​SEMG stands for Surface Electromyography. SEMG is a device which measures the amount of electrical activity your muscles release when they are contracting, more commonly known as muscle tension. It is similar in function to an EKG which measures heart muscle activity. Just as in EKG measurements, SEMG measurements simply require the placement of small probes against the skin.

The test takes less than a few minutes, and is invaluable in determining if your muscles are "tensing" abnormally. These measurements not only help verify the severity of your condition, but also provide the data necessary to measure and track your chiropractic progress.

Muscles have a tendency to "brace" in response to spinal misalignments known as vertebral subluxations. These Subluxations create nerve interference which affect muscles, blood vessels and internal organs. Vertebral subluxations reduce your body's ability to maintain optimal health. When they're present, the nervous system is negatively impacted, resulting in increases or decreases in muscle activity. SEMG measurements show the muscular component of what's known as the Vertebral Subluxation Complex and alerts the chiropractor to the need to correct the subluxations; this is accomplished by a simple and effective procedure called an "adjustment".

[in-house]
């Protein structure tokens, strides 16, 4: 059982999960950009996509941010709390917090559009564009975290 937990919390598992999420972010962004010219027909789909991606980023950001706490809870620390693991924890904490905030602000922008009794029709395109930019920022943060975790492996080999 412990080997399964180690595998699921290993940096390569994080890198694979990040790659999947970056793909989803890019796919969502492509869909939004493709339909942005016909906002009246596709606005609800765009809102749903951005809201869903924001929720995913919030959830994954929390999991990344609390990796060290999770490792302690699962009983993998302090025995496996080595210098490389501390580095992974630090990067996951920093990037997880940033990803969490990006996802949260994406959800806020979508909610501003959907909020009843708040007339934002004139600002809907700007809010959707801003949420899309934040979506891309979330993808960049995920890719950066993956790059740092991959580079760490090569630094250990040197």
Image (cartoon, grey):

This figure shows a typical SEMG reading. The readings in green are normal, the brown are borderline, and red is abnormal. The information from your SEMG will help Alexandria-Arlington VA Injury Chiropractor, Dr. Leslie Holcombe, determine the type of care best suited to your case. Follow up testing is used to monitor and evaluate your progress as you begin to feel better. In most cases, the SEMG visually shows changes as muscle tension decreases and balances.

At Jefferson Spine & Injury Center, Alexandria-Arlington Accident Chiropractor, Dr. Leslie Holcombe is always committed to using the highest quality research and clinical grade state-of-the-art instrumentation available for the purpose of detecting soft tissue injury damage resulting from auto accidents, work injuries, trauma or falls and correcting spinal misalignments.